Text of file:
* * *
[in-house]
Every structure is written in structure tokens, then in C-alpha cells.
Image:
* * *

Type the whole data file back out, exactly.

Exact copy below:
[in-house]
Every structure is written in structure tokens, then in C-alpha cells.
Image: